Joseph Pedott was ahead of the wave on ch-ch-ch-chia seeds, TV advertising, and plants as the new pets.
Who is he? Joseph Pedott was an advertising executive and entrepreneur, best known for introducing Chia Pets to consumers after coming across the invention at a trade show in the late 1970's.
Pedott was born in Chicago, and had a difficult childhood.
Following his mother's death at 13, Pedott fled his abusive father at 16, and subsequently lived at a YMCA.
Through the help of a Chicago nonprofit, Pedott was able to attend college at The University of Illinois Urbana-Champaign and went on to start his own advertising firm.
Pedott's experience in the advertising world and his product savvy helped drive the huge growth of chia pets, but he also worked on other iconic products like the clapper light switch. ("Clap on, clap off.")
Pedott died on June 22 at the age of 91 in San Francisco, according to the New York Times.
What's the big deal? I can't put this more clearly: ch-ch-ch-chia!
In 1977, Pedott attended a housewares convention, where he stumbled upon the rudimentary version of a chia pet, a terra cotta figure with 'fur' made from chia seed sprouts.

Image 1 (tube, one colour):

He took a liking to the product, and thought it simply "needed better advertising." So, he bought the rights and all of the product inventory for $25,000, and went on to create one of the most infectious ad campaigns of the late 20th century.
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Pedott also forecast the trend of people turning toplants as their new pets, a cultural phenomenon that took off during the pandemic.
Pedott's company, Joseph Enterprises, estimated in 2018 that they had sold more than 25 million chia pets in the U.S. alone, making them a hugely popular pet option for Americans over the past few generations.
What are people saying?
Here's Pedott on his reaction when he first saw the Chia pet:
The first one I ever saw was very crude — it had scorch marks from the oven, and only three of its legs could touch the surface at once — but I liked it.
And his business wisdom in an interview with the National Museum of American History:
Ideas are the cheapest thing in the world. It's executing them that gets involved.
So, what now?
Pedott was committed to giving back to the social services that supported him growing up, and donated to student assistance programs and funds for low-income, first-generation college students.
His approach to business was similarly generous: he was always open to funding new ideas, and working with inventors to make their products a success.
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